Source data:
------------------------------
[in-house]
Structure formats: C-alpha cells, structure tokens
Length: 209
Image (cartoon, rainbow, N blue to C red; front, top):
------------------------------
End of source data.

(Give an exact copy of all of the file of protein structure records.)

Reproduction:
[in-house]
Structure formats: C-alpha cells, structure tokens
Length: 209
Image (cartoon, rainbow, N blue to C red; front, top):